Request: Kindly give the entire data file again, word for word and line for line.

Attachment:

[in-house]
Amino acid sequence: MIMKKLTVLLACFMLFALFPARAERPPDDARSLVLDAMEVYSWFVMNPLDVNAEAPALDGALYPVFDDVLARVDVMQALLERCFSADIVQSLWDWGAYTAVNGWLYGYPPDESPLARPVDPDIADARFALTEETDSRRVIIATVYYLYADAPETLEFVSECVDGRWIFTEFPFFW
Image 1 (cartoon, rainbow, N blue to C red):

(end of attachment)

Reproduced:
[in-house]
Amino acid sequence: MIMKKLTVLLACFMLFALFPARAERPPDDARSLVLDAMEVYSWFVMNPLDVNAEAPALDGALYPVFDDVLARVDVMQALLERCFSADIVQSLWDWGAYTAVNGWLYGYPPDESPLARPVDPDIADARFALTEETDSRRVIIATVYYLYADAPETLEFVSECVDGRWIFTEFPFFW
Image 1 (cartoon, rainbow, N blue to C red):